Heart Rate Variability and Stress

By Dr. Shellie L. Rosen, PhD, DOM, L.Ac.

Good physical and mental health depend upon a proper relationship with stress. Some stress is necessary, but in excess, it is dangerous. Easy biofeedback breathing exercises can condition the nervous system away from stress states into controlled relaxation. Committing to breathing exercises will improve your workouts and ability to regulate your emotions. By better understanding the connection between heart rate and breath, we can improve our response to stress and its adverse impacts on whole body health.

The autonomic nervous system has two modes of responding to stress, a sympathetic and a parasympathetic. The parasympathetic state is a resting state labeled “rest and digest,” where the body conserves energy. The sympathetic response engages “fight or flight,” which gives the body the energy and alertness to address a threat or difficult task. Releasing adrenaline (epinephrine) leads to sensory enhancement, increased breath, heart rate, and blood pressure. This phase also initiates the transportation of glucose to the bloodstream for energy.

An additional stress pattern is related to psychological triggers that place the body in a hypervigilant or fearful state. Strain over past events (including post-traumatic stress), future events, or chronic stress from continual environmental circumstances can activate a prolonged stress response that weakens the body’s overall health.

Heart rate measures average heart beats per minute. Heart rate variability, or HRV, measures the nervous system’s adaptability between sympathetic and parasympathetic states. A high HRV reading can represent the ability to shift from a stressful state into a relaxed mode. Excess stress hormones (cortisol and adrenaline) speed up the heart rate and compromise adaptability, causing a low HRV reading. A low HRV is possibly a sign of too much stress. Age, fitness, alcohol, sleep, genetics, and diet can affect the HRV. However, improvement is possible with breathwork.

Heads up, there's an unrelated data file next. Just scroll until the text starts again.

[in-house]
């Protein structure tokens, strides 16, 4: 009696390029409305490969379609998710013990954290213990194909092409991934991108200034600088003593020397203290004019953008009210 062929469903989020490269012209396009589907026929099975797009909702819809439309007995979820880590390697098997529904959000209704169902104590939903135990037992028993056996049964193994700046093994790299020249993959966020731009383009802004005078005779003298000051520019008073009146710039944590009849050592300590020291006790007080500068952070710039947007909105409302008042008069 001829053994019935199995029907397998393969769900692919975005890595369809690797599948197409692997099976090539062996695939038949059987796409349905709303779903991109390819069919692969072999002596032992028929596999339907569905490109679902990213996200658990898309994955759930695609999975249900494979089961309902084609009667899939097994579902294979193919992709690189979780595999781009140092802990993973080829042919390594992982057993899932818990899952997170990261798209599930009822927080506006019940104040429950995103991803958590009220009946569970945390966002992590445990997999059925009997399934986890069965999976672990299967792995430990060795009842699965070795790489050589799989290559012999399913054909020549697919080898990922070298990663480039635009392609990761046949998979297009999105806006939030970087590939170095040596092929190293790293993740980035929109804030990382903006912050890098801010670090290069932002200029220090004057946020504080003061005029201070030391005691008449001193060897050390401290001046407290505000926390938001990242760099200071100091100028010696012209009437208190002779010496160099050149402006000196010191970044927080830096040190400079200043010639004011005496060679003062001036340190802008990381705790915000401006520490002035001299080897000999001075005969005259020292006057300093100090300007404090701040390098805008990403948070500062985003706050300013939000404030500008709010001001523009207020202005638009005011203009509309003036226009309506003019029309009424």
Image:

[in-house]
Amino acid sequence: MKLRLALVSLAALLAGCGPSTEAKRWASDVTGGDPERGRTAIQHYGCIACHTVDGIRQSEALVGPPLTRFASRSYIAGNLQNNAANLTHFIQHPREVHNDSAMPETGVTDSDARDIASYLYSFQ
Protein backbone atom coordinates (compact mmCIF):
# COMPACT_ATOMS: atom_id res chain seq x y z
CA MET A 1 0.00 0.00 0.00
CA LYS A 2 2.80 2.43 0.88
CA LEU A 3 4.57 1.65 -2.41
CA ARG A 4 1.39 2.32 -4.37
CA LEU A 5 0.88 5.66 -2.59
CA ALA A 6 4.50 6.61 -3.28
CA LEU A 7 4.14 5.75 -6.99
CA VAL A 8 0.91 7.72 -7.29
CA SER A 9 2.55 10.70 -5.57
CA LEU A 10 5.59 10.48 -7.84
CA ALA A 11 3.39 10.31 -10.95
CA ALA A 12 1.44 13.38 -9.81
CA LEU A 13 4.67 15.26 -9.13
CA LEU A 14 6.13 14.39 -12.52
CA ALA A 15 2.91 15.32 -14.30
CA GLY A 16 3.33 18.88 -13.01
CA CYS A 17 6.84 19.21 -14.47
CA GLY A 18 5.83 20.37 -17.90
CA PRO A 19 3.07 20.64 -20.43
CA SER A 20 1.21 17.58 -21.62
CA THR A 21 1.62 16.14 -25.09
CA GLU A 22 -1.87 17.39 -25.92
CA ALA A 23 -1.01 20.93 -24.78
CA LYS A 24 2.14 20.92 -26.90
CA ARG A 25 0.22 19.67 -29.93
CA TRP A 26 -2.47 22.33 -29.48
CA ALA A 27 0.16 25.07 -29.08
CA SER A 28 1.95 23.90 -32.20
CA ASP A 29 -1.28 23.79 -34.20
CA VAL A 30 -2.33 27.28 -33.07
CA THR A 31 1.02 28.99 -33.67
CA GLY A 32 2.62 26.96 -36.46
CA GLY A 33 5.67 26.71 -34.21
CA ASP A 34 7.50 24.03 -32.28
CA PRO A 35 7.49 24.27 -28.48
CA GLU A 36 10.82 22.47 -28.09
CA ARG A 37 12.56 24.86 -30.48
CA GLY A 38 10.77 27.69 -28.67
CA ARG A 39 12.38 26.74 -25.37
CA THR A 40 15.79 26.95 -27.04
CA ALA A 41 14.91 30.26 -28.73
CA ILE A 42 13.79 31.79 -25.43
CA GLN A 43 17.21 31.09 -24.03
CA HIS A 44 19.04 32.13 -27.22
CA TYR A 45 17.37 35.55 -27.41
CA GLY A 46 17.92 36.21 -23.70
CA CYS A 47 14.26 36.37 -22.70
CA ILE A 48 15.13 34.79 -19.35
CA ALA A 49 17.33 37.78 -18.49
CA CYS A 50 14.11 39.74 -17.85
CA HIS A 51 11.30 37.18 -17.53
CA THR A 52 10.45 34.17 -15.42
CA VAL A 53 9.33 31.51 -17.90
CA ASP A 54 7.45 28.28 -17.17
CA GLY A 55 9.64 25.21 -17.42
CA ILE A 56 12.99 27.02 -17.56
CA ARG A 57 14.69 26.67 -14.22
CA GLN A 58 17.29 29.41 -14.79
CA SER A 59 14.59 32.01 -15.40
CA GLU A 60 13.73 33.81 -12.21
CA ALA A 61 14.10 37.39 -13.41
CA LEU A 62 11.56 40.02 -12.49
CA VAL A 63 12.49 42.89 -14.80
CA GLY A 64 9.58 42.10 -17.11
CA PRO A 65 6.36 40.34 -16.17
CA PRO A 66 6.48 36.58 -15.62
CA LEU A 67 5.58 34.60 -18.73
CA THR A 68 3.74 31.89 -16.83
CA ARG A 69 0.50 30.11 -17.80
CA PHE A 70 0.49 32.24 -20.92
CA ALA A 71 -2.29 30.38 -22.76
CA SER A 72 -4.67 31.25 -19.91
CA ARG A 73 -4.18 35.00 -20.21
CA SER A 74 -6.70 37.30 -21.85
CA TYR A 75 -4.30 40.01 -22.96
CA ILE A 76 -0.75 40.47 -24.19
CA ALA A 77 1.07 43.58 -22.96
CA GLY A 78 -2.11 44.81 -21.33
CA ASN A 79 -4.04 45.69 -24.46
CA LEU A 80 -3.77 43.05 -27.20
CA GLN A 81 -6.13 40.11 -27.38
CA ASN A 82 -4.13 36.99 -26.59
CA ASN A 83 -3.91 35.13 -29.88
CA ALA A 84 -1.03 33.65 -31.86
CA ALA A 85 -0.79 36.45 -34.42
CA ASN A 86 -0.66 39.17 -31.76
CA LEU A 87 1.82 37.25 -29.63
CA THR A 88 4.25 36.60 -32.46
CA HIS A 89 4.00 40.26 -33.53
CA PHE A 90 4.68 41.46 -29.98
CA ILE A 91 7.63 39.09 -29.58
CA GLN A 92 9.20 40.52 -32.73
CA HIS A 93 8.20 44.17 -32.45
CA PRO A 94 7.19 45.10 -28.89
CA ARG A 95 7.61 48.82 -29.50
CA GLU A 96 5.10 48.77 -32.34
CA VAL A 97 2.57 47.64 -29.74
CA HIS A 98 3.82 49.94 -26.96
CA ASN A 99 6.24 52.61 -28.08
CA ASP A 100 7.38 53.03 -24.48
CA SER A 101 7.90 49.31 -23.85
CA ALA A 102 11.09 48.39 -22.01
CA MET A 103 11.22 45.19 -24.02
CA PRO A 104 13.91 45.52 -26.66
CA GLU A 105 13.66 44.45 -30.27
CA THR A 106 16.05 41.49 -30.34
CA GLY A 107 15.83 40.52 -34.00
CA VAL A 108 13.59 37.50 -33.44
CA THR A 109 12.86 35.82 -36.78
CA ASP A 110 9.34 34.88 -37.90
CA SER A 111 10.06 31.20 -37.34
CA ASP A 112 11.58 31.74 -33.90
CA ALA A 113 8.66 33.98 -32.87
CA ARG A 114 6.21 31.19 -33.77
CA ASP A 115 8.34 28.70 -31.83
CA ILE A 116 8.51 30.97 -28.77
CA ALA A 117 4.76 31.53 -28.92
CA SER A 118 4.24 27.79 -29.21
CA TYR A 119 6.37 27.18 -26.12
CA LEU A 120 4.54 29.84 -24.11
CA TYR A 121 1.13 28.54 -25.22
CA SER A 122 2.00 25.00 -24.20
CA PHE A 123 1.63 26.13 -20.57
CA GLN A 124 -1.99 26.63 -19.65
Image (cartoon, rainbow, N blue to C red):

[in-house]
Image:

Disciplined practitioners of the ancient methods of qi gong, tai chi, and yoga often present with high HRV due to their ability to shift into relaxation through dedicated practice. Breathwork engages a type of coherence between body systems. For example, the cardiovascular system begins to harmonize with the respiratory system, and the nervous system signals the body for safety and rest.

To practice resonance frequency breathing, which can generate coherence within the body, begin in a comfortable seated position. Using a timer, inhale for six seconds, then exhale for six seconds. You may also use an HRV device for breath guidance through an application. In such a case, you will be able to track your HRV progress over time and notice the help that breathing exercises provide. Modern camera phones can connect to applications that utilize the camera and flash features to read heart rate. You can also purchase a heart rate monitor or device that connects with your computer or phone. However, there is no need for any equipment. The exercise described here is enough to achieve excellent results. Apply this technique for 10-20 minutes every day. Abundant blessings to increasing stress management and emotional regulation through breathwork and HRV training!

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